The traditional corporate travel policy is rapidly becoming defunct. In the first of two articles on this major upheaval in managed business travel, Stanley Slaughter looks at why this is happening
If anyone doubts that managed business travel is undergoing a major upheaval, there were two unmistakeable pointers at the Business Travel Show in London last week. In the excellent session Is Travel Policy Dead?, two of the four panellists announced that it was, at the very least, “dying”.
A more chilling and fundamental analysis came from Paul Tilstone, managing director of GBTA Europe and moderator of the session. Addressing the travel managers, he said: “Power is now in the hands of those you previously sought to control.”
That in essence sums up what is happening. In an incisive article on the subject, two US business travel experts Scott Gillespie and Evan Konwiser have spoken of a “major shift” in managed travel. More accurately it is a major shift of power.
In the past business travellers (the vast majority except for a handful of rogue travellers) have used the hotel, airline and car hire company booked for them by their employers through their TMC. But two aspects of this process are changing.
The first is the growing dissatisfaction of these preferred suppliers. These are selected on the back of deals which offer the company discounts in return for volume. These deals are becoming less attractive to the suppliers which feel the promised volumes are not being delivered consistently enough. This can be brushed aside by buyers when travel is at a low ebb and suppliers need the business but is far less welcome when volumes are increasing.
The second is that travellers are feeling increasingly uncomfortable in the straitjacket in which these often mandated policies trap them. New technology, such as smartphones, give travellers on the road more opportunity of finding out what flights, hotels are available. The social networks also help them communicate this to fellow travellers.
These networks are increasingly used to change itineraries, often without recourse to the travel manager. It is the younger travellers - the digital natives - those who have grown up using technology rather than the older generation who have adapted to it, who are leading this move away from adherence to traditional policy. For them using this technology is second nature and attempts to control it are becoming fruitless.
Travellers are consequently demanding a lot more freedom in how they travel and suppliers are ready to give it to them. Witness how airline or hotel advertising is now often aimed not at the company but at the individual flyer or guest. They concentrate on the extras - the little differences each offers in a bid to appeal to a travellers’ individual tastes. This has little to do with corporate deals and is more likely to undermine them.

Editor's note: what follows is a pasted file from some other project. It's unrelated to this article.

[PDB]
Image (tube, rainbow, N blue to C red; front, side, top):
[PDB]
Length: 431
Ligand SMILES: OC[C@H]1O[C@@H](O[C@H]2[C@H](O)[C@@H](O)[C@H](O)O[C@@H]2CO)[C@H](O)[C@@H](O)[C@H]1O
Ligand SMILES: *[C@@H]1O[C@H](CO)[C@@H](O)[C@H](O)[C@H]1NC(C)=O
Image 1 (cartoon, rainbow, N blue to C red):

Travellers not only want this freedom but armed with smartphones and contacts on the social networks can go out and get it.
But this is not to advocate the end of managed travel. One of the speakers at the BTS session, April Bridgeman, senior vice president with BCD Travel made this point clearly. While stating that “travel policy is dying as we currently refer to it”, she said this offered a “greater opportunity to be more effective in how we manage travel for corporates”.
The first and perhaps most obvious point about traditional travel policies is that they can be huge documents which needed slimming down. Rob Hughes, EMEA travel manager and expense programme manager for salesforce.com, told the BTS session that he was in the process of cutting his 24 page document down to nine pages and, eventually, to one or two pages. “Travel policy is not dead,” he said, “but it is in need of an overhaul.”
Both Bridgeman and Hughes said that a lot of the information needed for travellers was available, often in better and more up to date form, from smartphones than in travel policy documents. Hughes pushed the point home by claiming the importance of email would shrink as the use of social networking and smart phones increased.
This is a different world from the one in which travel managers imposed what Hughes called a “command and control policy”. If the managers do not adjust and adapt to this, they do so “at their peril”, he warned.
But faced with what some used to mandating policy might see as a revolt – a huge rise in the number of ungovernable rogue travellers – what are they to do? The smart ones have already located their first move. But there are several other moves they can make as well.
Read the second part of this analysis by clicking here